John Tolva was appointed chief technology officer of the city of Chicago in 2011 when Mayor Rahm Emanuel took office. Before turning to public service, he worked on smart cities initiatives at IBM. Known for its emphasis on open data, the city of Chicago this year was honored with an award from the Sunshine Review, an organization dedicated to government transparency. Tolva spoke with StateTech Managing Editor Amy Schurr about transparency, analytics and mobile apps.
STATETECH: Describe the philosophy behind data.cityofchicago.org — the city of Chicago’s data portal.
TOLVA: The data portal contains the vital signs of the city and performance data on city services for measuring how the government is responding to the needs of its residents. The immediate reason for making it available was to build trust. But it also helps us measure what we are doing and helps us inform new processes and changes.
Chicago’s leading the way in using data for analytics. It’s more than just saying that the time to fill a pothole is declining. It’s taking huge amounts of data and using machine algorithms to look for patterns that a human being just could not suss out. For example, in working on food deserts we were able to yoke together transit data and grocery store locations to help inform where we targeted new development. Frankly, government isn’t great at working across silos, but looking at data across departments can help us do that.
The last reason for providing the open data portal is economic — open data is a raw material that businesses can be built on. It is the foundation for real applications that make people real money.
STATETECH: How have third-party developers tapped open data to benefit city residents?
TOLVA: The Chicago Transit Authority was one of the first to have real-time bus tracking and train tracking. They didn’t release an app; they released an API. There are now dozens of transit apps to choose from.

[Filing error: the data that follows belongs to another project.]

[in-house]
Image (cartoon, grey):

Some of the best apps are sort of head-slappingly simple, like “Was My Car Towed?” and “Sweep Around Us,” which sends text alerts to residents to remind them to move their cars the night before street sweeping. One of the more interesting was ChicagoLobbyists.org, which shows the flow of money in the lobbyist community. And a really neat project called “Mi Parque” is a 24x7 town hall for a Hispanic area of the city that’s getting its first significant green space.
For “Plow Tracker,” people said, “It’s great to see where the snowplows are now, but we want to see where the plows have been.” So the open data community stepped in with “Clear Streets.”
STATETECH: How will Chicago apply data analytics?
TOLVA: We’ve got a fully spatial internal data portal, and much of the city’s data has a location to it, so that permits us to tap it for situational awareness. For example, when a fire crew is called out to a building, they have on hand all the ways that that building has worked with the city — not just from a safety perspective, but business licenses and violations. The theme of this year is to make open data actionable and use analytics to make policy changes.
STATETECH: What’s the back-end technology behind this?
TOLVA: It’s built on a database called MongoDB, which is the back end of Foursquare. It’s open source, and we’ve been very open with our peer cities. New York and Boston are interested in what we’ve built. So many of the big cities share the same problems, and we’re always being asked to do more with less, so it seems like a no-brainer to share the algorithms and the code. We’re already doing that in small ways, and we speak almost every week with the IT leads in major cities. Municipal sharing of code is a real trend to watch.
STATETECH: What else is the city working on?
TOLVA: We’re thinking about the IT environment in terms of the technology that’s out in the street. You’ve got parking meters, bike-share stations, digital signage in bus shelters, all these Internet endpoints. Why shouldn’t we be able to open these up to allow access to the Internet from them? You may have this image of a person standing next to a trash can to get online; it’s not quite that. There’s a lot of networking in the street, and we think we can do something with that.
There are APIs that allow someone to write against the data platform, so why shouldn’t there be APIs that allow limited interaction with public objects? For instance, an app could link together the public bike share and the way-finding screens in the bus shelters so you have seamless journey planning. That’s new thinking about the city itself as a platform for interaction.